Cost:

Regular – $129.99 regular early bird (by September 8), $149.99 thereafter
Student (must present current student ID at door) – $99.99 early bird (by September 8), $129.99 thereafter

Date/Time:

Sunday, September 22, 2013
Registration 8:30AM
Seminar 9AM-5:30PM

Continuing Education:

NSCA CEU pending (seven contact hours)

Click Here to Sign-up (Regular)

or

Click Here to Sign-up (Students)

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  • Barath

    12 bars for $40? You gotto be kidding me! You are one rich bastard Tony 🙂

    • Barath

      Also, #4 – that video is amazing! Thanks for sharing.

    • TonyGentilcore

      Well, I only buy then every now and then when I’m in Whole Foods. Not every day.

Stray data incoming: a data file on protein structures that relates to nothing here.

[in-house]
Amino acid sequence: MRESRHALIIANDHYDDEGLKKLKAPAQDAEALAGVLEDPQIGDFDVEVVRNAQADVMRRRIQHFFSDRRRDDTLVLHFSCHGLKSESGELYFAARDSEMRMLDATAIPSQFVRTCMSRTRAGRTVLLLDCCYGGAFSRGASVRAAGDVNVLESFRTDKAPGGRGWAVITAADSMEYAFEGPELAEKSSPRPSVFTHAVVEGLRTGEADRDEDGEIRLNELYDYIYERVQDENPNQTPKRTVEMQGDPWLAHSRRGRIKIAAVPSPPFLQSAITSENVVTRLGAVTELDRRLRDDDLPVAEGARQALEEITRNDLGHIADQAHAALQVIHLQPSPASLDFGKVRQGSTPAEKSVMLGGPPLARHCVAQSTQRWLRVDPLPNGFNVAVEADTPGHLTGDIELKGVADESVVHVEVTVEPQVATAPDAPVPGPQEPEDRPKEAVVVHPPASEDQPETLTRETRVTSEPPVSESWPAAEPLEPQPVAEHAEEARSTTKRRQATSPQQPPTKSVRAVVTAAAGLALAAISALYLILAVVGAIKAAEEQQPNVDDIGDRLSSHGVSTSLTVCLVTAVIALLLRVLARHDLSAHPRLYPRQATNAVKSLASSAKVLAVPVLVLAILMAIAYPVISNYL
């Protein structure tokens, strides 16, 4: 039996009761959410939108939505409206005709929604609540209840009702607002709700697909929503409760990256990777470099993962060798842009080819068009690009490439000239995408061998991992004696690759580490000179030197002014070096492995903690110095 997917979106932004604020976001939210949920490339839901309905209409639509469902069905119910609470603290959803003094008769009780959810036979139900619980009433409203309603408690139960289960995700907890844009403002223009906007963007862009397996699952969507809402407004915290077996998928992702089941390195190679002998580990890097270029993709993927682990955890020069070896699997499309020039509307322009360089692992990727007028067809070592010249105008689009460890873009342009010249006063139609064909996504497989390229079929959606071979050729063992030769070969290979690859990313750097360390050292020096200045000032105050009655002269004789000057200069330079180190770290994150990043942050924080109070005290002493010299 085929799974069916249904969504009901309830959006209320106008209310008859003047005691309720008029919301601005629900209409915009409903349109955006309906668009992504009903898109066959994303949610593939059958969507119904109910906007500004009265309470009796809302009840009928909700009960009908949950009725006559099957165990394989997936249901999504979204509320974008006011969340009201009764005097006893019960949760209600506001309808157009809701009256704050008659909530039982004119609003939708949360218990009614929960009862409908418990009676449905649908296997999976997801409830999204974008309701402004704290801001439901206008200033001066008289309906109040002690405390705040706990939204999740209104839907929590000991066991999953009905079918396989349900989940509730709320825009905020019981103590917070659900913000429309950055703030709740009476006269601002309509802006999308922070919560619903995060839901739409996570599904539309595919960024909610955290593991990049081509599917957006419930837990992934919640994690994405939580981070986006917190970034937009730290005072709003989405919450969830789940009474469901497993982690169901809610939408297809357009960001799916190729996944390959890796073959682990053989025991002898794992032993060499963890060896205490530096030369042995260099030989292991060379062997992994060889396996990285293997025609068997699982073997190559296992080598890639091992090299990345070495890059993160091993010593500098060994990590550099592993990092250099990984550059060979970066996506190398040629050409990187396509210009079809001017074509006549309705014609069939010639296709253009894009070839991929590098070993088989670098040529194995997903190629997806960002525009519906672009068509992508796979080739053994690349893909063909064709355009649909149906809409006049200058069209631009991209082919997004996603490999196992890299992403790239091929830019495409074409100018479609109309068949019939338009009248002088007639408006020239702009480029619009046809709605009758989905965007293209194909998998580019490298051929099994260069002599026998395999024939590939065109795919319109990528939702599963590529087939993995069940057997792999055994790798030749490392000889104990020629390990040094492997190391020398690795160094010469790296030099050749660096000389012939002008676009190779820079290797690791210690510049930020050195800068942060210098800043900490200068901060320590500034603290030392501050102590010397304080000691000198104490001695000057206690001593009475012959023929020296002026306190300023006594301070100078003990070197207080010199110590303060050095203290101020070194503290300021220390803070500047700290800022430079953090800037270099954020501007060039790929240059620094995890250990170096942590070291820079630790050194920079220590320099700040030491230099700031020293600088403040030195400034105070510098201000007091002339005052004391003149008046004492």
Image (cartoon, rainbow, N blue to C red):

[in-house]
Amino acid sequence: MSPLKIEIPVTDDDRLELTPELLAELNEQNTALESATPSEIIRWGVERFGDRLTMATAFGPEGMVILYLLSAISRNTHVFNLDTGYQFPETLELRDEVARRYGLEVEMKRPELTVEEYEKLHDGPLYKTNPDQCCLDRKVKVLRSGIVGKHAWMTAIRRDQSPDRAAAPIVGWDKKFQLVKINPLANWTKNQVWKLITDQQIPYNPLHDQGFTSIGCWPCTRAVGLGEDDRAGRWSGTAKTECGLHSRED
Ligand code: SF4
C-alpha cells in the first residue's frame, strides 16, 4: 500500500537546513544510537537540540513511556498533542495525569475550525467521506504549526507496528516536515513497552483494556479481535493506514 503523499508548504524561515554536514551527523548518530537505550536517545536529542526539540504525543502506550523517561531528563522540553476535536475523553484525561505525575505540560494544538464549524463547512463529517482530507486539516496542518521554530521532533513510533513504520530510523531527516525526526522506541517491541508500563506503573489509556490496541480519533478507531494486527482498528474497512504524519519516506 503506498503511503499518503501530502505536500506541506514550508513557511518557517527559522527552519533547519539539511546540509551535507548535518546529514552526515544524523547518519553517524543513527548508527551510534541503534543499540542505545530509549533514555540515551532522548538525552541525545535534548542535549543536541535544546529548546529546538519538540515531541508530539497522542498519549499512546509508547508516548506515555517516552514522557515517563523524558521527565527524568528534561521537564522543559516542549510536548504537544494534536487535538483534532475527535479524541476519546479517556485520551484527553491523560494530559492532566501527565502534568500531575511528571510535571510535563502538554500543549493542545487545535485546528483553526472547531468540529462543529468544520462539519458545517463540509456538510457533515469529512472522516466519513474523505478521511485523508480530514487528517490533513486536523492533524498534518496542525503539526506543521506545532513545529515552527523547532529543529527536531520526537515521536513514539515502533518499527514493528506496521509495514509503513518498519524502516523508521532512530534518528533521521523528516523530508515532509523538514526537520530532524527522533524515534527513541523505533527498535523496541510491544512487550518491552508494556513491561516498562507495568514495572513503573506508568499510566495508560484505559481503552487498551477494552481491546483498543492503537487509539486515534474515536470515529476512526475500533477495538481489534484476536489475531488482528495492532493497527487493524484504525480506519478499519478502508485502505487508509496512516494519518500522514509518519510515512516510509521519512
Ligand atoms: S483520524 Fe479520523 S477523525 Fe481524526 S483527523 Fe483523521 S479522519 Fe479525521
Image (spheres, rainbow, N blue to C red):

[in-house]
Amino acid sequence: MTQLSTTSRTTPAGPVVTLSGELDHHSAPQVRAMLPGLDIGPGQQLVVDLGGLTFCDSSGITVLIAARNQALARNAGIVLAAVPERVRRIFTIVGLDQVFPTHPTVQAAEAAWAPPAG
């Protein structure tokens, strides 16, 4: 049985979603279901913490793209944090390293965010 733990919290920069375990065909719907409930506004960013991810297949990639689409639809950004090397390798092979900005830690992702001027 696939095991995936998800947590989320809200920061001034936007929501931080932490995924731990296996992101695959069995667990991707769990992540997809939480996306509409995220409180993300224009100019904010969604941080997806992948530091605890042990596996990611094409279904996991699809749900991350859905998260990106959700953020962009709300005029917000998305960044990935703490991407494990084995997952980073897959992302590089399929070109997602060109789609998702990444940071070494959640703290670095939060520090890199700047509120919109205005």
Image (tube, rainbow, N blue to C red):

• ronellsmith

    I feel ya, Barath. I hate that all of the really good bars are rather expensive. Honestly, I’m prone to buy some pretty crappy bars (no soy, and little sugar though high-ish on the fat), but I’ve experimented with making my own at home, and many are better than what you find in the store.

    But I digress…

    RS

    • Barath

      Ronell, The bars on the store at T-Nation are pretty good, and cheaper than most. $19.50 for a box of 12 ain’t bad. And they deliver for free.

      I love Met-Rx bars too – I buy them at the convenience store. Close to $5 a bar, but totally worth it. But yeah, making them at home beats all.

  • Velocity Sports

    Thanks for the SO Tony. Great to have you in Norwood!!